Stainless Steel Prices to Remain Low for the Remainder of 2009

Alloy surcharges for austenitic grades are set to move up significantly in September. This could restrict the ability for local mills to push through further basis price rises. Indeed, basis numbers may come under negative pressure as a result of the anticipated jump in transaction figures. Stainless steel production is likely to grow over the coming months. This could create oversupply in the market if mills bring capacity back on stream too quickly. End-user consumption is also expected to remain low for the remainder of 2009. Consequently, some price slippage is forecast for the final quarter of 2009. A drop in nickel costs could add to the downward movement over this period.

Daily average cash nickel values on the LME soared over August, temporarily breaking through the $US20000 mark. These gains appeared to ignore market fundamentals. LME stock levels moved back above 110000 tonnes, despite the ongoing strike at the Sudbury nickel mine and rising demand due to stainless steel production. Investors speculated further as Chinese buyers continued to stockpile the metal. The monthly average figure is set to increase by over $US3500 per tonne in August. However, concerns regarding underlying demand resulted in numbers slipping recently. Weak fundamentals and economic uncertainty could result in sustained price falls in the short term. Oversupply is likely to continue over the next few months. Chinese imports are also expected to slow in the second half of 2009. Consequently, we still believe that nickel values will decline in the fourth quarter of 2009. However, further speculation by funds could keep prices high. Restocking by stainless steel distributors may help to limit some of the declines. A stronger recovery is then forecast for the beginning of 2010. A healthier world economy, coupled with easier access to credit, should lift cash nickel values throughout the first two quarters of 2010.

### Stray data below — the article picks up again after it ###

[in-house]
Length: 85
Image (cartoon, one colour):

Government stimulus projects are likely to boost stainless demand by the beginning of 2010. A rise in consumer spending could also help to improve consumption, particularly in the appliance sector. This should give distributors more confidence to further their inventory rebuilding plans. Consequently, we forecast the price recovery to resume early in 2010 with advances predicted to continue up to the summer.

Source: MEPS

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